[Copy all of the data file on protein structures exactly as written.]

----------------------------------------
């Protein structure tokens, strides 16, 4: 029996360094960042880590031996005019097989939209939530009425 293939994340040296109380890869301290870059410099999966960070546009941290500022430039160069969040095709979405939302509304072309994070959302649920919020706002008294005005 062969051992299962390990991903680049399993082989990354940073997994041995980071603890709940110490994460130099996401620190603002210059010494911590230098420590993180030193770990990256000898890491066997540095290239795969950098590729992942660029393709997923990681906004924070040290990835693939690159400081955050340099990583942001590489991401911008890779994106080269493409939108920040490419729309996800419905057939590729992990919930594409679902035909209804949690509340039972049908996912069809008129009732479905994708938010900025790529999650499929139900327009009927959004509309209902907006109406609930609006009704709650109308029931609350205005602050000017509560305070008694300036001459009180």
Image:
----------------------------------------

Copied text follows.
């Protein structure tokens, strides 16, 4: 029996360094960042880590031996005019097989939209939530009425 293939994340040296109380890869301290870059410099999966960070546009941290500022430039160069969040095709979405939302509304072309994070959302649920919020706002008294005005 062969051992299962390990991903680049399993082989990354940073997994041995980071603890709940110490994460130099996401620190603002210059010494911590230098420590993180030193770990990256000898890491066997540095290239795969950098590729992942660029393709997923990681906004924070040290990835693939690159400081955050340099990583942001590489991401911008890779994106080269493409939108920040490419729309996800419905057939590729992990919930594409679902035909209804949690509340039972049908996912069809008129009732479905994708938010900025790529999650499929139900327009009927959004509309209902907006109406609930609006009704709650109308029931609350205005602050000017509560305070008694300036001459009180």
Image: